Neil M. was not very fond of talking about his work. “It’s just a job,” he said more than once, “just a way of paying the bills.” Neil has worked for this one employer for nearly ten years and although it has allowed him to maintain an existence, it has never provided him with health insurance. “I know many other people who don’t have health insurance, I guess I am one of them,” he remarked dolefully. When you are healthy this state of affairs doesn’t pose much of a problem, but in 2003 Neil wasn’t feeling well. He ended up in a hospital where it was discovered that he had diabetes. Now he needs regular medical care and daily medication.
When Neil was in the hospital he was directed to the Bread of Healing Clinic by one of the nurses. “I am very grateful for the clinic,” he said with emotion, “I don’t know what I would do without it.”
For the past six years Neil has been coming to the clinic, receiving medication and being checked over by the medical personnel. He has developed a very nice rapport with the staff. “They talk to me as if we are friends,” he said, “I’m not just another patient to them.”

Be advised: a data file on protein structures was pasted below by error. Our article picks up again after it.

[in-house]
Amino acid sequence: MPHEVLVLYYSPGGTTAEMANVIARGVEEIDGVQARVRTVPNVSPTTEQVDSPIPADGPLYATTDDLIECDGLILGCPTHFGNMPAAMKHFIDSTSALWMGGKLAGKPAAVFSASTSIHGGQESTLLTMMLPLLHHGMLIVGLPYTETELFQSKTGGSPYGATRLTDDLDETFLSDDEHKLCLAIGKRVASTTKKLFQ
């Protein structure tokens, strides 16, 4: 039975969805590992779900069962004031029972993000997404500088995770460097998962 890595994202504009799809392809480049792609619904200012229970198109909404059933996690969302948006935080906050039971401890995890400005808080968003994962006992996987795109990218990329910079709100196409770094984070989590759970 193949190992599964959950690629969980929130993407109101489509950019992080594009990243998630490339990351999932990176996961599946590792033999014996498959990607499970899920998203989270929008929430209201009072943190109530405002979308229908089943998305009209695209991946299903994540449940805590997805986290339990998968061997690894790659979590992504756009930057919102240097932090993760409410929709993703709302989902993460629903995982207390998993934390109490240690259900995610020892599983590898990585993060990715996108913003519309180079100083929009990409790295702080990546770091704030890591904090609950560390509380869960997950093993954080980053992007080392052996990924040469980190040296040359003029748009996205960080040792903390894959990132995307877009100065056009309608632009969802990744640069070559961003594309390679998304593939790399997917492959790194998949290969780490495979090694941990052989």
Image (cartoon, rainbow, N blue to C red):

But lately he learned he has “other health issues,” one of which is arthritis in his knees. He is worried that this may be “just the beginning.” It is not surprising that he sometimes has trouble sleeping. Neil described the situation as “lousy” but it should be noted that he was not referring to just his medical problems, but with the country as a whole and what he called the “greed” dominating America. He said he has personally seen how this greed is “causing so many problems for so many people.” It was apparent that he didn’t want to go into it any further since it was so frustrating to realize that this state of affairs doesn’t have to be like this. “It’s fine to have things, fancy cars and good health insurance, but not at the expense of others.” Neil would agree that we need to sharpen the line that tells us when having enough is enough.